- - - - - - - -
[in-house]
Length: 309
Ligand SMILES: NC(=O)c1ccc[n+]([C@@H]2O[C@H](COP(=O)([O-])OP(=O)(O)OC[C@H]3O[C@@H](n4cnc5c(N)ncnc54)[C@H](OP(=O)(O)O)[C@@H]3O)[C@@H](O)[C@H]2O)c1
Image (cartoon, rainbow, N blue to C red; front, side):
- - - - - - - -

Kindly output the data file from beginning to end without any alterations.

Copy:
[in-house]
Length: 309
Ligand SMILES: NC(=O)c1ccc[n+]([C@@H]2O[C@H](COP(=O)([O-])OP(=O)(O)OC[C@H]3O[C@@H](n4cnc5c(N)ncnc54)[C@H](OP(=O)(O)O)[C@@H]3O)[C@@H](O)[C@H]2O)c1
Image (cartoon, rainbow, N blue to C red; front, side):